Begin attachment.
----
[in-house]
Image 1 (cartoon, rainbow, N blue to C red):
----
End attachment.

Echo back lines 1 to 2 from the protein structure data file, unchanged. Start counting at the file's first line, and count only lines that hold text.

[in-house]
Image 1 (cartoon, rainbow, N blue to C red):